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4 Comments

  1. Mike anderson
    13/12/2019

    Jo Comper re Epilepsy CPD
    Is their a role for nutrition in the management of this disease?
    https://charliefoundation.org/diet-plans/

    • Jarrod McMaugh
      13/12/2019

      CPD Modules are evidence based

        • Jarrod McMaugh
          29/12/2019

          https://www.ncbi.nlm.nih.gov/pubmed/30403286

          AUTHORS’ CONCLUSIONS:
          The RCTs discussed in this review show promising results for the use of KDs in epilepsy. However, the limited number of studies, small sample sizes and the limited studies in adults, resulted in a low to very low overall quality of evidence.There were adverse effects within all of the studies and for all KD variations, such as short-term gastrointestinal-related disturbances and increased cholesterol. However, study periods were short, therefore the long-term risks associated with these adverse effects is unknown. Attrition rates remained a problem with all KDs and across all studies; reasons for this being lack of observed efficacy and dietary tolerance.Only one study reported the use of KDs in adults with epilepsy; therefore further research would be of benefit.Other more palatable but related diets, such as the MAD, may have a similar effect on seizure control as the classical KD, but this assumption requires more investigation. For people who have medically intractable epilepsy or people who are not suitable for surgical intervention, KDs remain a valid option; however, further research is required.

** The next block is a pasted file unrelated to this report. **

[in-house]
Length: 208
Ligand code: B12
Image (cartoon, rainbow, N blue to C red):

TL;DR…. the evidence for benefit vs side effects and the ability to implement ketogenic diets does not justify routine recommendation of ketogenic diets for epilepsy

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